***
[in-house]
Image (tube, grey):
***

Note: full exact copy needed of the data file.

[in-house]
Image (tube, grey):